After two decades in space, the remarkable journey of the Cassini spacecraft comes to a dramatic end on Friday 15 September.
Having used almost every bit of fuel it carried to Saturn, operators are plunging Cassini into the planet to ensure Saturn’s moons will remain pristine for future exploration.
The UK has been heavily involved in the ESA/NASA mission, providing £8 million in funding for building vital instruments, plus on-going support for operational costs.
The Cassini-Huygens spacecraft embarked on a seven-year voyage across the Solar System, eventually reaching Saturn in July 2004. Several months later, the Cassini orbiter released ESA’s Huygens probe, which landed on Titan on 14 January 2005 – the first landing in the outer Solar System.
Cassini – UK involvement
- Magnetometer: Led by David Southwood, then Michele Dougherty, at Imperial College London. The Magnetometer measures the magnetic field
- Composite Infrared Spectrometer (CIRS): Co-Ied by Simon Calcutt, Peter Ade, Pat Irwin and Fred Taylor at Oxford University and Peter Ade at Queen Mary University of London. Measures infrared thermal radiation
- Cassini Plasma Spectrometer (CAPS): Co-Ied on the Electron sensor unit by Andrew Coates, Mullard Space Science Laboratory and by Manuel Grande, Aberystwyth University. Measures the auroral environment and activity
- UK academics also contributed to work on the Radio Plasma Wave Instrument, Imaging Science Subsystem (ISS) and Cosmic Dust Analyser (CDA).
Huygens – UK involvement
- Surface Science Package (SSI): Led by John Zarnecki, Open University. Co-Ied by Simon Green, Open University. A package of 9 sensors to determine the physical properties of the Huygens landing site.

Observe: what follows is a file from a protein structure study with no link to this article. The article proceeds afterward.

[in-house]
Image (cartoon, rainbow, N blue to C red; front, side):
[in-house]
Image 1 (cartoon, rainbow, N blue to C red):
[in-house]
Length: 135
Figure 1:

- UK industrial involvement included LogicaCMG and Irvin-GQ for the flight control and parachute manufacture.
- In April 2017, Cassini was placed on an impact course that unfolded over five months of daring dives – a series of 22 orbits each passing between the planet and its rings. Called the Grand Finale, this final phase of the mission has brought unparalleled observations of the planet and its rings from closer than ever before.
Katherine Wright, Head of Space Science at the UK Space Agency, said:
Cassini-Huygens has been an incredible journey of exploration and we are very proud to have supported the UK scientists and engineers who have led many of the discoveries from this mission. It is sad to see the end of this expedition but its data legacy will keep on producing first class science for many years to come.
Professor Michele Dougherty, from Imperial College London, who took over the management of the Magnetometer from Professor David Southwood, said:
“The Cassini mission has been spectacular on a whole range of fronts, the science it has achieved, the way in which the spacecraft and instruments have operated way beyond their planned lifetime and how the large international team from many different countries and cultures have come together and worked to produce the results we have.
“I will have a range of emotions at the end: sadness that such an endeavor has come to an end, great pride in what we have all achieved together and a bit of relief since I am now exhausted and can’t keep this end-of-mission pace up forever!”
To celebrate the end of the mission Royal Mail has created a special Cassini postmark commemorating 20 years of scientific discovery. Watch the climax of the Grand Finale, as Cassini plunges into Saturn’s atmosphere from 12 noon to 1.30pm (BST) on Friday, 15 September.
Read David Southwood’s blog here